• Ask if your loved one wants help with housekeeping, laundry, running errands, or other daily chores. They might be struggling in silence, reluctant to ask for help.
  • Listen. Listen to what your loved one is saying, and ask open-ended questions that allow them to bring up any issues they may be facing.

As difficult as it may be, begin having a conversation with loved ones about their plans earlier rather than later. Discuss finances, wishes, and legal arrangements that must be in place before certain health conditions such as dementia or Alzheimer’s disease become critical. 

When It’s Time for Assisted Living

While there are a few definitive signs that an older adult is ready for assisted living, each situation is unique. Some choose assisted living in order to enable the life they want to live and to be in a community. For others, there may be things about their current living situation that drive the need for a change. These questions may help in determining whether continuing to live in a current situation is a viable option.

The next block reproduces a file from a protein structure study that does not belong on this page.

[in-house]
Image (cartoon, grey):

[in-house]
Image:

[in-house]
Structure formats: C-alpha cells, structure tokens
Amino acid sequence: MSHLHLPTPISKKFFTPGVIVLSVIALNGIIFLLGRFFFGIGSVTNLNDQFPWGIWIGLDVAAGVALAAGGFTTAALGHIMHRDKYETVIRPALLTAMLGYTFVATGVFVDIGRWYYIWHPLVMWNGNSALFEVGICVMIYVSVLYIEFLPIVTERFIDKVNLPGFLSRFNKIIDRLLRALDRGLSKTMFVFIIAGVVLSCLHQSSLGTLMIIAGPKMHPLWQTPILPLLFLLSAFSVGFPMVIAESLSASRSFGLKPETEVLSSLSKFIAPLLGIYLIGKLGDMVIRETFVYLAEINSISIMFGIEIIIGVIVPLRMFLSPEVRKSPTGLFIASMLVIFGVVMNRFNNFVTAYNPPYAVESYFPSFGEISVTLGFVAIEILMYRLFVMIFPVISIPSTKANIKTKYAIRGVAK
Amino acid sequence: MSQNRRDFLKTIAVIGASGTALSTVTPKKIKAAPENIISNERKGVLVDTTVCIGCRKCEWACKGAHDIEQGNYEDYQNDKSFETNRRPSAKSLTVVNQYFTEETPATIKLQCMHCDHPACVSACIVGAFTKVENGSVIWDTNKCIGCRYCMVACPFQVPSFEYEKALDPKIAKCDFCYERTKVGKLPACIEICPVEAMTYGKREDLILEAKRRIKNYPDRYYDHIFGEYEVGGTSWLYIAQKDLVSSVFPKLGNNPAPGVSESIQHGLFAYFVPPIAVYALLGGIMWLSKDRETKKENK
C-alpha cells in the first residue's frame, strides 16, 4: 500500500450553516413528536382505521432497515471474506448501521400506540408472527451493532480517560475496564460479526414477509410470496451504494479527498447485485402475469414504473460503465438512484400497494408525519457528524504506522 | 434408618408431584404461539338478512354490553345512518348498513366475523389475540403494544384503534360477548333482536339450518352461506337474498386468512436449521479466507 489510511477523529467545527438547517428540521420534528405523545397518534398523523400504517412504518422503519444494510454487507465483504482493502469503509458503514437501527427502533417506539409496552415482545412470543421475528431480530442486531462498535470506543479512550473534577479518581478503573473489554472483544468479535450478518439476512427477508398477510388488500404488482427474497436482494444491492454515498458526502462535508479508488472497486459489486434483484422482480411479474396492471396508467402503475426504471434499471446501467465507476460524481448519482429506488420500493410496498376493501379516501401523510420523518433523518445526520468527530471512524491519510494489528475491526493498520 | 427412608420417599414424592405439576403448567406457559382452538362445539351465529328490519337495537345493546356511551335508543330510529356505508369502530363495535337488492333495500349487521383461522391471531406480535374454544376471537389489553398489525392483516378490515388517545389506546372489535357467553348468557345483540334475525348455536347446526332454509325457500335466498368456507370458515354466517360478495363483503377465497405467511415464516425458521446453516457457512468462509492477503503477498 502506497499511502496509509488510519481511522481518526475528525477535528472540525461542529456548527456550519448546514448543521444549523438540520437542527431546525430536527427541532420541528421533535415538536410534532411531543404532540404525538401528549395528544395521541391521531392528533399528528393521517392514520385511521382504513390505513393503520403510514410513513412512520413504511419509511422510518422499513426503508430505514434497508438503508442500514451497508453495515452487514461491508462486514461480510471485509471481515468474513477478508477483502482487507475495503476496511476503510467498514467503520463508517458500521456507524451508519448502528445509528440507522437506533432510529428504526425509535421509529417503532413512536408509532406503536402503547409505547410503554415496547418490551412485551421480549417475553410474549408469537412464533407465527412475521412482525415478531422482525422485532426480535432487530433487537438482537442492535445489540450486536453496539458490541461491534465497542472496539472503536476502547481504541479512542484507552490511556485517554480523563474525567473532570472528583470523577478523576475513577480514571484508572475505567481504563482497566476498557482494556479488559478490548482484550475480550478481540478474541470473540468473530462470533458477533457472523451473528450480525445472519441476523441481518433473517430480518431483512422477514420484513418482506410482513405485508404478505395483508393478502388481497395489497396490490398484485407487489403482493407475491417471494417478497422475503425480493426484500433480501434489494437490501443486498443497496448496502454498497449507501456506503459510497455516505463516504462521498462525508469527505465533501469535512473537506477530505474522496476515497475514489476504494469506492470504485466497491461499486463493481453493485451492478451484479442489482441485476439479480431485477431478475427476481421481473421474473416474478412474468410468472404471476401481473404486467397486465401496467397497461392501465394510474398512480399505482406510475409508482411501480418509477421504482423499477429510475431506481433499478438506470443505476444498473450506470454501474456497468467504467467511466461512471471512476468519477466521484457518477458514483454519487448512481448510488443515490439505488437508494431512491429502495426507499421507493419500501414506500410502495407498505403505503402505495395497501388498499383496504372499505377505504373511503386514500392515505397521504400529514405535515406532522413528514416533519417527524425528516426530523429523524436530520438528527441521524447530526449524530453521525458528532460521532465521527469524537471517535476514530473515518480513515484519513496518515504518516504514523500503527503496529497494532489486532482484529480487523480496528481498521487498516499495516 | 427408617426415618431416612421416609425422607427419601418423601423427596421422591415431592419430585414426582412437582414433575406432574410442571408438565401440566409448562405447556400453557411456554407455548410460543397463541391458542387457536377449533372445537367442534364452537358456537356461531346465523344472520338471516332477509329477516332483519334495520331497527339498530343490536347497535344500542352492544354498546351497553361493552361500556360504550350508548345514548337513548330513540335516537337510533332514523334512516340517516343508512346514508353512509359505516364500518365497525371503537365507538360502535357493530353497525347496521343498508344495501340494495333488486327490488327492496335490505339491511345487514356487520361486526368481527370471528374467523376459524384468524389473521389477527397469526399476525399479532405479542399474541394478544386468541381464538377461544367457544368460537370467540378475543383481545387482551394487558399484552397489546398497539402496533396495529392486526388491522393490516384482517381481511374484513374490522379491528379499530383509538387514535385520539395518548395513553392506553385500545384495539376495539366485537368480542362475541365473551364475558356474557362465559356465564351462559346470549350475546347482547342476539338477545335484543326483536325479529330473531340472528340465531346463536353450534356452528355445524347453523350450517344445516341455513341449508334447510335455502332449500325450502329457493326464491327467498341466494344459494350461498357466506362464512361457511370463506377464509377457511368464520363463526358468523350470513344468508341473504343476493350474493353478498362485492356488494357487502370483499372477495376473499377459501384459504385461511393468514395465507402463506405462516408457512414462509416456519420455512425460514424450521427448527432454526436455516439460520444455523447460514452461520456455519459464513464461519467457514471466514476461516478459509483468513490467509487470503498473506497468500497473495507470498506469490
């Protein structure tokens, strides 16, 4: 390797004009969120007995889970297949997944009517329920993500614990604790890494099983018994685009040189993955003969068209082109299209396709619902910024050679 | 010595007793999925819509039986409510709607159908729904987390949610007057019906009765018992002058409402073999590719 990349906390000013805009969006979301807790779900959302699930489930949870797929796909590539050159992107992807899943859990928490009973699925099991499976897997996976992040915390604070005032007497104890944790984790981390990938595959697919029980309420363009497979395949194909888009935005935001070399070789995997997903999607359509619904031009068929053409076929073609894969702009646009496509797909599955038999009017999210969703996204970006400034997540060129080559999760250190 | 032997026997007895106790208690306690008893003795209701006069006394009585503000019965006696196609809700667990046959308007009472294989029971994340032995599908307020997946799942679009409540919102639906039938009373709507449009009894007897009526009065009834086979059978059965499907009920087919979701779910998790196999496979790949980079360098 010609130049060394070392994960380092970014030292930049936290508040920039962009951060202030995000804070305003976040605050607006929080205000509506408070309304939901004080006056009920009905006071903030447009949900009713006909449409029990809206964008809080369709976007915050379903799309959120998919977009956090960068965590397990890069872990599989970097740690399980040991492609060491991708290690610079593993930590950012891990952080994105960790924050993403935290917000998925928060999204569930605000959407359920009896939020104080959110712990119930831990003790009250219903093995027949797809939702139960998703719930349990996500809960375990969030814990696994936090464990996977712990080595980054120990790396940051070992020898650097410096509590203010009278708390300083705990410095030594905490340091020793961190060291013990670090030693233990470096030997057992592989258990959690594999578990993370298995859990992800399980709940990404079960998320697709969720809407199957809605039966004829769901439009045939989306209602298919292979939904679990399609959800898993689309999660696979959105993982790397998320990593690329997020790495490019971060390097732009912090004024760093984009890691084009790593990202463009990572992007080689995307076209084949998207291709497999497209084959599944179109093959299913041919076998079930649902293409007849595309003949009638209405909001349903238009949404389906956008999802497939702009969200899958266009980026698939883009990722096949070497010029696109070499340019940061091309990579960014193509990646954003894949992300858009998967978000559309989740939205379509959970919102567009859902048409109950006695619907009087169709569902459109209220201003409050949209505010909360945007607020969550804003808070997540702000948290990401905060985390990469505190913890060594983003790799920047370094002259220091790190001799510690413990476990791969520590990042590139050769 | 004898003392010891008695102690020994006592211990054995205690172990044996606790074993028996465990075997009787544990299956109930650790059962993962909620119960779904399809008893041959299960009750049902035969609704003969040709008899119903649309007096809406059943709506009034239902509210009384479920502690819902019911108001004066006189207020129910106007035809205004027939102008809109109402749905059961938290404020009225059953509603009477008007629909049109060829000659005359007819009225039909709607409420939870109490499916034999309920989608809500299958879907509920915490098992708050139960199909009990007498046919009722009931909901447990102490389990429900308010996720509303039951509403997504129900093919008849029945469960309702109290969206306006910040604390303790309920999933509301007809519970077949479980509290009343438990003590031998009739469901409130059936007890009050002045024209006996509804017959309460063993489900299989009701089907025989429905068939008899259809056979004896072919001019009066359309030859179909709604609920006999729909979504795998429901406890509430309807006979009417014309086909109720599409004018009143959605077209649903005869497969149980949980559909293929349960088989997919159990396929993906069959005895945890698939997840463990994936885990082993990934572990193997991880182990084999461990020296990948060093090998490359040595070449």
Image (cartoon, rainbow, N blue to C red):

17 Questions to Ask If a Move is Necessary

  1. Is the senior eating healthy, balanced meals regularly?
  2. Is there fresh, nutritious food in their refrigerator and pantry that is not expired?
  3. Is the senior capable of getting around safely and independently? (Look for unexplained bruises or minor injuries that may indicate they have been falling or having accidents recently.)
  4. Are they wearing fresh, clean clothing each time you visit?
  5. Can they bathe themselves, groom adequately, and handle other personal care tasks like dental care?
  6. Are they laundering their clothing, towels, and linens regularly?
  7. When you look around their house or yard, is it as neat and clean as it used to be?
  8. Does the older adult remember to take their medications correctly, with the correct dosages, and at the right times? (Warning signs of mismanaging medications include hospitalizations, stockpiled or expired medications, and pillboxes that are not current.)